One controversial use of disability in mainstream media that I came across was the story of Ellen Stohl who posed nude for Playboy in 1987:
Stohl was paralysed in a car accident in 1983, and was included in the magazine after she wrote a letter to the editor Hugh Hefner which said that “sexuality is the hardest thing for a disabled person to hold on to,” and that she wanted to send the message, “Look at me! I am a woman more than I am a wheelchair and you need to see that about me.” Although the magazine is clearly accused of exploiting women, Stohl’s right to be included in the magazine is also a pertinent argument. In an interview, Stohl makes the following observation: “…I didn’t pose for Playboy to please men. I posed for Playboy to discover my own sexuality, to celebrate that part of me that was stripped away by a disability because our society doesn’t put sexuality and disability together. They’re completely non-existent. Playboy was my forum to explore that.” Since Hefner’s credo is to expand people’s ideas about sex, he was naturally convinced that to run a feature on Stohl would do exactly that: challenge people’s accepted ideas about sex and force them to reconsider the limitations of what is and is not sexual or desirable. In a later interview, Stohl said she had no regrets and would do the whole thing again: “Disability is not going away, and if we can’t deal with the changes in our bodies and the changes in our physique, whether it’s from aging or catastrophic injury, we limit what we can do.”
People become limited by their stereotypes, and tend to adopt certain modes of behaviour and attitude without really questioning where they originally came from. In this sense, Playboy could be seen as performing a similar role to Postmodernist art. Stohl is quite vocal about attitudes to disability by society as a whole: “People with disabilities are not subhuman, they are not less than, they are not less able. They are different, they come in different packages, but they are people. Basically, whether you’re Russian, you’re fat, you’re black, you’re tall, you’re short, I believe that people are more alike on the inside than different. They need to interact, they want to have an impact on the environment around them. They want to connect, they want to create a symbiosis with somebody.” These are some of the ideas that I want to get across in my project; the best way to challenge stereotypes is to force people to think, to challenge their own preconceptions. Simply pointing out facts and statistics and repeating truisms does not work.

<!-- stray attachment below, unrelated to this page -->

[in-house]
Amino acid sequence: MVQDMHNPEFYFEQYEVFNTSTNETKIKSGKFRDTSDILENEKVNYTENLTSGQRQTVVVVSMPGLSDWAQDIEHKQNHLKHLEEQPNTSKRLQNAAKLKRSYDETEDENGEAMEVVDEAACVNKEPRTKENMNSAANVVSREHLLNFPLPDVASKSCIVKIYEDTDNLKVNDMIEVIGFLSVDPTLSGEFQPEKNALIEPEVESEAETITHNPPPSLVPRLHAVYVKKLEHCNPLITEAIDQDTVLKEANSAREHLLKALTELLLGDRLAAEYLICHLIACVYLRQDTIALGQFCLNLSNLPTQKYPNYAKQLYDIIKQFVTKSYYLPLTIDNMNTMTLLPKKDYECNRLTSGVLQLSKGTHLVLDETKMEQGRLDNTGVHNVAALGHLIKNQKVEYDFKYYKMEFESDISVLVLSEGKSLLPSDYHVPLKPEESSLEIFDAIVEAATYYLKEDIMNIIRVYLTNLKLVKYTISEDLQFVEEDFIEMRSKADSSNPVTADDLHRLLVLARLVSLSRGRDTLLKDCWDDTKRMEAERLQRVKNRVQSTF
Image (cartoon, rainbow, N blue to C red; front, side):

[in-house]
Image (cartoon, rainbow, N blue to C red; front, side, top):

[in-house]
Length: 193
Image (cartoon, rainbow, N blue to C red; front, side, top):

In the same interview, Hefner is quoted as saying: “…what this is all about is her disability and the chair began to define who she was, and that she was not perceived as a human sexual being. Therefore, if the pictures connected the two, we would fall into the same trap. It is perfectly clear, there are many darker sexual connections to be found in things related to people with disabilities. The whole bondage and S&M thing has that kind of kinky side.” I have also noticed this kind of fetishism around the use of wheelchairs and straps and braces, as well as ‘wheelchair-bound women’ being portrayed as sadistic dominatrices. How much of this is to do with disabled people reclaiming their bodies as sites of desire and sexuality and how much to do with the erotic fantasies of the photographer?
In another interview on the subject, the Associate editor Kate Nolan admitted, “On the surface, it’s a noble statement: People with disabilities still have their sexuality. But do you think we’d run pictures of someone who was really, seriously deformed? Of course we wouldn’t. This is a safe kind of exploitation. We’re saying, ‘We’ve got pictures of someone who is disabled. Buy our magazine and look at the pictures.’ But the woman looks ‘normal.’ So we’re protected, in a way.”
And editorial director Arthur Kretchmer agreed: “I agree with Kate Nolan that this would all be different if Ellen Stohl was terribly disfigured. In that case, we would be putting on what would be called a freak show. We’re not doing that.” So the idea that Stohl was not physically disfigured and her body still fit in with the norms of attractive feminine beauty meant that her nudity did not offend.